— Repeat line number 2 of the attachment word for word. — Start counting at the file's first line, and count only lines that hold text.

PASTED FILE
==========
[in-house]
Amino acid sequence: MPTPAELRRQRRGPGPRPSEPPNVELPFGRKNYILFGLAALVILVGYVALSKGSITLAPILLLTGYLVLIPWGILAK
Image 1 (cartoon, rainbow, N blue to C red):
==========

Amino acid sequence: MPTPAELRRQRRGPGPRPSEPPNVELPFGRKNYILFGLAALVILVGYVALSKGSITLAPILLLTGYLVLIPWGILAK